The Fortress and the Unexpected Year Bird

The end of summer in Korea is a spectacular time of year.  Korean summer consists of inescapable humidity and crippling heat.  Everyday.  For nearly four months.

Once summer ends, though, things take on a whole new appearance.  It rarely rains throughout September, with every day being a perfectly clear sky and comfortably warm temperatures.  October is much of the same, though the leaves start to change color and fall away, and the temperature dips ever so slowly at night.  And as hard as you try to ignore it, the sun creeps behind the horizon a little earlier each day.

So it was on a perfect October morning that Melanie and I set out to Geumseongsanseong (금성산성), an ancient fortress ruin in the mountains around Damyang-gun, just north of Gwangju.  We’ve hiked this steep climb many times, but had never actually gone all the way around the fortress wall.  This wall encloses a small valley, and protects an old hermitage at its center.  Like the Great Wall in China, the battlements follow the lay of the land, resulting in a lot of sharp ups and downs along the path.

One of the gates at Geumseongsanseong

Looking out over Damyang-gun

This hardy tree clings to life on a solid boulder along the wall of Geumseongsanseong

The view from the northern wall of Geumseongsanseong

In addition to the amazing scenery (especially on a clear autumn day), I’ve found many interesting bird species in this area that I rarely encounter elsewhere.  See an earlier post about Geumseongsanseong, when I observed alpine accentors and a golden eagle, two species that I have yet to see anywhere else in Korea to date.

It took Melanie and I almost six hours to hike the entire perimeter, keeping in mind we were going at a leisurely pace.  Hiking with me usually consists of a lot of stopping and starting, as every song or call I hear requires identification.  If I can’t ID it just on sound alone, I have to stop and look for the source, because chances are if I can’t ID a sound, it’s because I’ve never encountered it before (and therefore, LIFER!)  Melanie has an abundant supply of patience…

We were finishing up our hike as the sun descended towards the horizon.  Then, a flutter of movement as something flushed from right along the trail at Melanie’s feet and bee-lined it for the tree branches above.  My mind goes through the motions: medium-sized ground bird, large body, powerful direct flight.  Strong wing beats that produce some noise.  Overall brown color, cryptic patterning, short tail.  (Oddly enough, this is practically word-for-word what went through my mind as I watched the whole event, which lasted no more than 5 seconds.)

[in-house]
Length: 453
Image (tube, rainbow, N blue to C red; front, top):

I put all of that information together, instantly ruling out 99% of my Field Guide to the Birds of Korea.  Only two candidates remain, and I can rule out common pheasant easily because of the short tail observation.  Which leaves only one option left: hazel grouse!

Hazel grouse are small gallinaceous birds, part of the order that includes turkeys, chickens, and other game birds.  They closely resemble the ruffed grouse of North America.  However, they are scarcely seen, due mainly to their naturally shy nature and cryptic camouflage.  I have only encountered hazel grouse before on two separate occasions, both of which were over a year earlier.  Melanie, on the other hand, had never seen one before.

Male Hazel Grouse (Tetrastes bonasia amurensis)

For all the fuss it made flushing from the side of the trail, we had to peer through the branches to actually see the grouse.  Finally, I located it hiding behind a low-hanging branch.  The grouse looked down at us, and remained relatively motionless.  Then it began to vocalize in a high-pitched whistle; the sound was very uncharacteristic of most gallinaceous birds I’ve encountered before, and had I only heard it calling and not actually have seen it, I would never have guessed a grouse was making this call.